2. I need to be drinking more water. (can change that)
3. Not used to the heat. (have to deal with that)
4. Need to get out of my head on these hard days and set myself up for success. (working on that)

This was his response:

This was not a terrible workout.  You had an off day, and you hit all the potential factors that could have contributed - probably some or all of them.  The most important one on the list is #4.  You have to relax a bit and just put in the effort.  If the effort is always there, the times will happen in the long haul.  Up and down days are part of the sport, but consistent training and effort with a good attitude lead to long term success.  Training for a marathon is...a marathon, so one or two steps along the way won't make or break it.  It is the overall approach that makes 99.9% of the difference.

In marathon training, as in life itself, I tend to analyze everything down to the nth degree.  I drive myself nuts.  What if I'd done it this way?  Why didn't I try that?  How could I have done it differently?  And so on.  And yet, in my 41 years in I've also learned (and often forget) how important it is to look at the big picture and not to get hung up on all the little things.  Sometimes we need a reminder.  Sometimes we need an attitude adjustment.  Sometimes we just need a good kick in the pants.  Turns out, I needed all three.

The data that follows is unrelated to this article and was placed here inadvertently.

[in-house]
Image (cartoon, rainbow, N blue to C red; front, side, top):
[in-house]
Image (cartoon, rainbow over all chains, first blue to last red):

It's 6:45 am.  The house is quiet.  I've had a much needed cup of coffee and I'm lacing up to hit the road before it gets too hot or my kids need me for something.  My workout is a hard one: 4 X 400 @ 88, 1 X Mile @ 6:00, 4 X 400 @ 86 (w/ 400 recovery in between everything).  As I often am before these tough sessions, I'm both fired up and a little nervous.  I set out for my warm up, trying hard to wake up my legs and get in the zone.  Today, I only hear one voice.  You've got this.  You've got this.  You've got this.  

Listen to this: